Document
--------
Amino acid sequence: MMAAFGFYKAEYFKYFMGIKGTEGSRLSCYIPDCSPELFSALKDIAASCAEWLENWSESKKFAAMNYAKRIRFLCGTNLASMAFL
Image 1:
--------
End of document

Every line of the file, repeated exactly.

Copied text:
Amino acid sequence: MMAAFGFYKAEYFKYFMGIKGTEGSRLSCYIPDCSPELFSALKDIAASCAEWLENWSESKKFAAMNYAKRIRFLCGTNLASMAFL
Image 1: